Journal article

The unconventional expression of IL-15 and its role in NK cell homeostasis

Nicholas D Huntington



Natural killer (NK) cells are the founding members of the innate lymphoid cell family and contribute to the rapid production of inflammatory mediators upon pathogen detection. The evolution of receptors for self major histocompatibility complex-I and stress-induced ligands also bestows upon NK cells an important effector role in the clearance of virus-infected and transformed cells. NK cells are dependent on the pleiotropic cytokine interleukin (IL)-15 for their development, differentiation and optimal function. Here I review the regulation of IL-15 in vivo, its role in driving NK cell differentiation and discuss the function of NK cell diversification with regard to innate immunity.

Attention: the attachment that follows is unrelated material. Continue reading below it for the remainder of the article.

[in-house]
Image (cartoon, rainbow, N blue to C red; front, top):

Awarded by National Health and Medical Research Council of Australia

Funding Acknowledgements

I wish to thank Sebastian Carotta, Mark Smyth, Stephen Nutt, David Tarlinton, James Di Santo, Andreas Strasser, Priyanka Sathe and Eric Vivier for collaborations, mentorship and discussion on the topic of NK cell homeostasis over the past 10 years. This work is supported by a project grant (GNT1049407) and a fellowship (GNT0461276) from the National Health and Medical Research Council of Australia) and personal support from The Menzies Foundation. This study is made possible through Victorian State Government Operational Infrastructure Support and Australian Government NHMRC Independent Research Institute Infrastructure Support scheme.